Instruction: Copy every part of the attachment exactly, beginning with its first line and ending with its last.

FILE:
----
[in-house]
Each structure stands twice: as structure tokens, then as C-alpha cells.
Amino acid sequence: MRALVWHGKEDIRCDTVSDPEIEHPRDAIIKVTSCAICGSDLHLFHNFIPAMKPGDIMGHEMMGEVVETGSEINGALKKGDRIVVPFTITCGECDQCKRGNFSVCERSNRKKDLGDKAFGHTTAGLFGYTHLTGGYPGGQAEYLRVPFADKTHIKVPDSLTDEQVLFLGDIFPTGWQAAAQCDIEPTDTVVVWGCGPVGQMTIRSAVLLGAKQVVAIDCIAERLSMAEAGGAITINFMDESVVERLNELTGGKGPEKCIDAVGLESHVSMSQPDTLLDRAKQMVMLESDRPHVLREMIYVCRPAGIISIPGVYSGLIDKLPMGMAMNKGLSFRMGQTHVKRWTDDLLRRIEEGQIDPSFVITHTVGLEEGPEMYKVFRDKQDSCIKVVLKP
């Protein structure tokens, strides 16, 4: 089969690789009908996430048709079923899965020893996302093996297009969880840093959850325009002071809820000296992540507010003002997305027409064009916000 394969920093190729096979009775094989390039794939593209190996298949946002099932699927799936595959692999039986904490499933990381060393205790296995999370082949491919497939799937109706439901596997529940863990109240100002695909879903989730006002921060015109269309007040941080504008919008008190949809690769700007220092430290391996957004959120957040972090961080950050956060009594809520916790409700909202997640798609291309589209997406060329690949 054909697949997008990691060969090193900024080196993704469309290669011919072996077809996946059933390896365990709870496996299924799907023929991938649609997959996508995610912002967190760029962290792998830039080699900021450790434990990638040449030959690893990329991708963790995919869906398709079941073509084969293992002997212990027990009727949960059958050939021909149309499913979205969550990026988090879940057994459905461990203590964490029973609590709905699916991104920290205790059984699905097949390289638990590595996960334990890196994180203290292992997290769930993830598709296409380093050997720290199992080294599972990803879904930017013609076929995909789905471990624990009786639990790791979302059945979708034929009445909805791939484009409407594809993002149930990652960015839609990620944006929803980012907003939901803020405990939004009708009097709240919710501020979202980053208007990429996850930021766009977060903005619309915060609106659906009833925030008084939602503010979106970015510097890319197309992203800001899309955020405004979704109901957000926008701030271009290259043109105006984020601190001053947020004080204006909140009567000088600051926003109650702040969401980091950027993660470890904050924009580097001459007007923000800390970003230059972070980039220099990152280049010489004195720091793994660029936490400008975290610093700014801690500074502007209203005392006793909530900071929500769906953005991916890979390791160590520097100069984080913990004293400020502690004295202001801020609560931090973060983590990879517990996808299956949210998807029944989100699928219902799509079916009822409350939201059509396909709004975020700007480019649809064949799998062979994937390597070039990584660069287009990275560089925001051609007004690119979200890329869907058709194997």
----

[in-house]
Each structure stands twice: as structure tokens, then as C-alpha cells.
Amino acid sequence: MRALVWHGKEDIRCDTVSDPEIEHPRDAIIKVTSCAICGSDLHLFHNFIPAMKPGDIMGHEMMGEVVETGSEINGALKKGDRIVVPFTITCGECDQCKRGNFSVCERSNRKKDLGDKAFGHTTAGLFGYTHLTGGYPGGQAEYLRVPFADKTHIKVPDSLTDEQVLFLGDIFPTGWQAAAQCDIEPTDTVVVWGCGPVGQMTIRSAVLLGAKQVVAIDCIAERLSMAEAGGAITINFMDESVVERLNELTGGKGPEKCIDAVGLESHVSMSQPDTLLDRAKQMVMLESDRPHVLREMIYVCRPAGIISIPGVYSGLIDKLPMGMAMNKGLSFRMGQTHVKRWTDDLLRRIEEGQIDPSFVITHTVGLEEGPEMYKVFRDKQDSCIKVVLKP
């Protein structure tokens, strides 16, 4: 089969690789009908996430048709079923899965020893996302093996297009969880840093959850325009002071809820000296992540507010003002997305027409064009916000 394969920093190729096979009775094989390039794939593209190996298949946002099932699927799936595959692999039986904490499933990381060393205790296995999370082949491919497939799937109706439901596997529940863990109240100002695909879903989730006002921060015109269309007040941080504008919008008190949809690769700007220092430290391996957004959120957040972090961080950050956060009594809520916790409700909202997640798609291309589209997406060329690949 054909697949997008990691060969090193900024080196993704469309290669011919072996077809996946059933390896365990709870496996299924799907023929991938649609997959996508995610912002967190760029962290792998830039080699900021450790434990990638040449030959690893990329991708963790995919869906398709079941073509084969293992002997212990027990009727949960059958050939021909149309499913979205969550990026988090879940057994459905461990203590964490029973609590709905699916991104920290205790059984699905097949390289638990590595996960334990890196994180203290292992997290769930993830598709296409380093050997720290199992080294599972990803879904930017013609076929995909789905471990624990009786639990790791979302059945979708034929009445909805791939484009409407594809993002149930990652960015839609990620944006929803980012907003939901803020405990939004009708009097709240919710501020979202980053208007990429996850930021766009977060903005619309915060609106659906009833925030008084939602503010979106970015510097890319197309992203800001899309955020405004979704109901957000926008701030271009290259043109105006984020601190001053947020004080204006909140009567000088600051926003109650702040969401980091950027993660470890904050924009580097001459007007923000800390970003230059972070980039220099990152280049010489004195720091793994660029936490400008975290610093700014801690500074502007209203005392006793909530900071929500769906953005991916890979390791160590520097100069984080913990004293400020502690004295202001801020609560931090973060983590990879517990996808299956949210998807029944989100699928219902799509079916009822409350939201059509396909709004975020700007480019649809064949799998062979994937390597070039990584660069287009990275560089925001051609007004690119979200890329869907058709194997």